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Publication numberUS4329645 A
Publication typeGrant
Application numberUS 06/030,955
Publication dateMay 11, 1982
Filing dateApr 17, 1979
Priority dateJun 13, 1978
Also published asDE2918498A1, DE2918498C2
Publication number030955, 06030955, US 4329645 A, US 4329645A, US-A-4329645, US4329645 A, US4329645A
InventorsSadao Takase
Original AssigneeNissan Motor Company, Limited
Export CitationBiBTeX, EndNote, RefMan
External Links: USPTO, USPTO Assignment, Espacenet
Rotational speed measuring system having a circuit for increasing the accuracy thereof
US 4329645 A
Abstract
A rotational speed measuring system comprises a rotatable member with calibration segments and a marker portion both provided along the periphery of the rotatable member, pick-ups for producing a pulse train signal in response to passage of the calibration segments and the marker portion when the rotatable member rotates, an electrical circuit for producing calibration pulses and marker pulses in response to the output signals of the pick-ups, a monostable multivibrator responsive to the marker pulse to produce a pulse signal of a predetermined pulse width, and a counter responsive to the calibration pulses for a period of time defined by the pulse width of the pulse signal from the monostable multivibrator. The counter counts the number of the calibration pulses corresponding to calibration segments which are equidistantly spaced from each other, thereby producing an output signal indicative of the rotational speed of the rotatable member with high accuracy.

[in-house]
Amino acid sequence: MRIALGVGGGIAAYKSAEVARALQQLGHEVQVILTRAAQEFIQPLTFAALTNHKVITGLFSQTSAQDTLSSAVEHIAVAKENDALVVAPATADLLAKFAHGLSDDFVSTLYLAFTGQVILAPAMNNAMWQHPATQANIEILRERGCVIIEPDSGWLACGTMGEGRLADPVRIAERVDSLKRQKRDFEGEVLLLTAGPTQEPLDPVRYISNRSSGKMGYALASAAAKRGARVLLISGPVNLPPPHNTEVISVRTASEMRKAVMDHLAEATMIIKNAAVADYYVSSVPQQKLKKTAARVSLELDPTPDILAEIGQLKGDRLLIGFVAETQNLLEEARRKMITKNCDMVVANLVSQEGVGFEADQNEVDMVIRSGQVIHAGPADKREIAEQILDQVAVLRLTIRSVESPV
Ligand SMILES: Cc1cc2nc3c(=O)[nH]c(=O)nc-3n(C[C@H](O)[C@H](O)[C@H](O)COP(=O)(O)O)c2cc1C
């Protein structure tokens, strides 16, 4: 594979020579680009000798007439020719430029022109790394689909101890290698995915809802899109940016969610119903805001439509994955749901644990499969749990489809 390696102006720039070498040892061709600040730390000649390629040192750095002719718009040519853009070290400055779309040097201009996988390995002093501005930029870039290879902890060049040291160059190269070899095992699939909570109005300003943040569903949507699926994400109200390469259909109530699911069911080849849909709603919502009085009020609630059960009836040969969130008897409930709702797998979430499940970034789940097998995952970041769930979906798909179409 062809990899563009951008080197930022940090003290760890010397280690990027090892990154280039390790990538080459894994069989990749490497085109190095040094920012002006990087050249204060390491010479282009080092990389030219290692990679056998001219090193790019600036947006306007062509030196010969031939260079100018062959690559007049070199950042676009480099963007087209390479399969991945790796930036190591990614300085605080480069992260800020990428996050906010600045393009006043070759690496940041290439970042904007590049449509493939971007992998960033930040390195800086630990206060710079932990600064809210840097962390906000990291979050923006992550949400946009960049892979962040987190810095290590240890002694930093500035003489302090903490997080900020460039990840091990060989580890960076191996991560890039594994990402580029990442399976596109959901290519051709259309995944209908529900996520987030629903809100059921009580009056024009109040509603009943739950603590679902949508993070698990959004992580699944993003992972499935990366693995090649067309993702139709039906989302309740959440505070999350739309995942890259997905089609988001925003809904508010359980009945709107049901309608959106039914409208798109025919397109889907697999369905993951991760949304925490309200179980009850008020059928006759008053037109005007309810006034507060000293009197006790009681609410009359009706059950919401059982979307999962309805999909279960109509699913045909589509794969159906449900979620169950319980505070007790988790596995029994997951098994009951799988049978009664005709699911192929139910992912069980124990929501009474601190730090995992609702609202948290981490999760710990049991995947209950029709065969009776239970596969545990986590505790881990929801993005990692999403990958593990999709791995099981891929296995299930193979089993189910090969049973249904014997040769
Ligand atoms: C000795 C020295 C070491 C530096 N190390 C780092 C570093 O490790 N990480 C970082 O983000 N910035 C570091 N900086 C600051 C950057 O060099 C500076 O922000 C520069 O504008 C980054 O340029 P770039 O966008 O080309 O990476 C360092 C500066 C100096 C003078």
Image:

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Claims(7)
What is claimed is:
1. A rotational speed measuring system, comprising:
(a) a rotational member;
(b) sensor means fixedly disposed adjacent to the peripheral portion of said rotatable member;